The Boom-or-Bust Jukebox – #37 (2022): Ward Davis, Jake Owen, Julie Roberts, Emily Scott Robinson, and Brit Taylor

Ward Davis, “Another Bad Apple” (written by Clint Park, Greg Jones, and Ward Davis)

Fresh off 2020’s divorce-fueled Black Cats and Crows, Ward Davis returns with a song that fits right within his wheelhouse, and that’s not a bad thing. He’s got a full-bodied, rich timbre to his voice to justify some admittedly conventional southern-rock tones that still have the snarl to work well enough. And as for why he’s entering into more hard-charged territory, it’s because this is basically a song about a history of family screw-ups. I wish this was anchored more in fuller storytelling over seedier outlaw swagger that never quite coalesces – especially when Davis is the sort of poet who can make a song like this a gut-punch if he wants to – but it’s still a pretty solidly bleak song in tried-and-true country music tradition. This just seems to just be a one-off release for now, so here’s to hoping for a new project soon.

Jake Owen, “Up There Down Here” (written by Summer Overstreet, Travis Wood, and Zach Dyer)

OK, I don’t know what Jake Owen’s strategy is for whatever he’s got coming next. “Best Thing Since Backroads” was really only an airplay hit (which doesn’t say much in 2022), and with the string of singles he’s released since with no indication of an album on the way, I’m not sure any of it bodes well for the future. In the meantime, we have another radio single … that’s about as oddly dour as its predecessor, meaning it makes very little sense for Owen’s usually upbeat style. I do like that the foundation is fairly organic with the plucky mandolin and well-rounded bass, even if this slides into distinct boyfriend country territory. And while this tries to play things darker by suggesting our character has a rough past and that his partner saves him (a gift from God, too, in true mainstream country fashion these days), the writing mostly operates on checklist clichés and never feels justified to follow through all the way with that conceit. It’s fine enough, but I wouldn’t mind Owen getting back to sounding he’s actually having fun with his music again.

Julie Roberts feat. Jamey Johnson, “Music City’s Killing Me” (written by Ray LaMontagne)

You may or may not know this was originally a Ray LaMontagne song called “New York City’s Killing Me.” You may or may not know Julie Roberts had a fantastic top twenty single nearly 20 years ago called “Break Down Here.” Hell, the years are piling up and you may or may not even know of Jamey Johnson’s legacy at this point.

Anyway, with all that in mind, this is the lead single to Roberts’ upcoming Where I’m Stayin’ Tonight album, and with the bar set extremely high for songs about the soul-sucking entity that is the country music industry, you’d think this would enter that lane with that title; it’s a little disappointing that it doesn’t. Maybe it’s because it’s more of a straightforward breakup song, where Nashville is just the setting for where the heartbreak happens and the references, though fitting in needing to escape the noise and drive back to the country for solitude, just don’t quite have the same level of detail because of how obviously interchangeable that setting is in the writing. I actually do think this works better as a duet and that both Roberts and Johnson have surprisingly good chemistry together – two singers who’ve proven before that they can sell weary resignation well – but this is more in the “like but don’t love” category for me.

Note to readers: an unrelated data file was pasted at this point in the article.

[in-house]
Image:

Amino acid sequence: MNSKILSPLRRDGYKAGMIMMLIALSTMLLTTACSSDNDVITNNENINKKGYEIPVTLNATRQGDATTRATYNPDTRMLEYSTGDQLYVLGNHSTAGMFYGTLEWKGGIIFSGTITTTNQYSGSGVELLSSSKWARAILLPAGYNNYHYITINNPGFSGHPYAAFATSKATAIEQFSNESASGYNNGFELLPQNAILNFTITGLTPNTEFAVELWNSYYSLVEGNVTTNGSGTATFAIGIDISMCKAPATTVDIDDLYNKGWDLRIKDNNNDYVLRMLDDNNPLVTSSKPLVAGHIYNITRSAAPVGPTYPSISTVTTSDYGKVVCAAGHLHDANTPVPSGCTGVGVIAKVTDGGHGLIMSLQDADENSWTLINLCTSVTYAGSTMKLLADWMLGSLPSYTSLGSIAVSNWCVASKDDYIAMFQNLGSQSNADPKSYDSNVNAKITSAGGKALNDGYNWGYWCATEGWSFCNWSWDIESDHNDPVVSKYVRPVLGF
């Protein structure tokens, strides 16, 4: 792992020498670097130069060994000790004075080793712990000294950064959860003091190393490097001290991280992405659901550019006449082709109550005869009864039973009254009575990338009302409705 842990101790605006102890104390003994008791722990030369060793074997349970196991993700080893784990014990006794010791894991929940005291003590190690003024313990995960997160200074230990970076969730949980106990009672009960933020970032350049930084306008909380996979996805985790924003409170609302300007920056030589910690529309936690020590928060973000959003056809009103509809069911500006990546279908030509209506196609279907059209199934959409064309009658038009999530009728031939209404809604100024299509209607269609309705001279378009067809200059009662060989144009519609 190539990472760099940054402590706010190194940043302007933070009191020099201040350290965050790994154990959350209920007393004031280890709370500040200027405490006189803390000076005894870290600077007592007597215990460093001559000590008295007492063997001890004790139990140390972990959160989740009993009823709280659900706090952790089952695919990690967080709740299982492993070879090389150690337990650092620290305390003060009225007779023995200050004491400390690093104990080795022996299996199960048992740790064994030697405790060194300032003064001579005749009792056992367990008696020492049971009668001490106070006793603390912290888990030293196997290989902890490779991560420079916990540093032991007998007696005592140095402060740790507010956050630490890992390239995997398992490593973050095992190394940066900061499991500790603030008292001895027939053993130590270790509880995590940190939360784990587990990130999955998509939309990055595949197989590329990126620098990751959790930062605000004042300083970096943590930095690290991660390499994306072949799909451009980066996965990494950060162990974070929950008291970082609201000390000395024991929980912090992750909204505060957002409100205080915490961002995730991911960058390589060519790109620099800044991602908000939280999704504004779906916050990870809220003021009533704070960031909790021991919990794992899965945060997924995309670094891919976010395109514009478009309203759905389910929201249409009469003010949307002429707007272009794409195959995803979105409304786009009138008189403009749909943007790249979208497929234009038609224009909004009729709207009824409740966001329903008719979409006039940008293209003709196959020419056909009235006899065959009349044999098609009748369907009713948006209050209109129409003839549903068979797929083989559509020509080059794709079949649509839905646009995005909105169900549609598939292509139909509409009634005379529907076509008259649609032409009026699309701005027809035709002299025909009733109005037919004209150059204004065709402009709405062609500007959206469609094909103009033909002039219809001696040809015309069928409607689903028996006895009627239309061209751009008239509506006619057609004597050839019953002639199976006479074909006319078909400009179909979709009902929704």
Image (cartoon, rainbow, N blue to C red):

Emily Scott Robinson, “Built On Bones” (written by Emily Scott Robinson)

Emily Scott Robinson sliding into witchy territory for a Halloween-inspired side project really doesn’t come across as much of a surprise – not when you consider what she did with last year’s American Siren.

But, I mean, it’s still awesome, especially when she and collaborators Alisa Amador and Violet Bell have the sort of soft-spoken echoing tone that could be described as haunting – literally. More specifically, this is the start of a song cycle for the Witches of Shakespeare’s MacBeth, so the idea of a songwriter creating her own prophecy and nailing the creaking ominous tension with not only bloodstained content, but also a tense restraint eventually fleshed-out by strings and violin, is awesome.  How her version plays out remains to be seen, but this is right up my alley. Boom.

Brit Taylor, “Cabin in the Woods” (written by Brit Taylor and Jason White)

What will catch the most initial attention is that Sturgill Simpson production credit, but I’ve got Brit Taylor on my radar because of a fantastic duet she did with Dee White last year called “At Least There’s No Babies.” And I can see what they’re going for with this new single – a slightly swampy, homespun track about … well, retreating to a cabin in the woods. But the groove feels really choppy and overmixed and doesn’t balance well with Taylor’s more relaxed tone, which is probably more fitting for the content itself anyway. Even then, it’s just a bit too cutesy for me.

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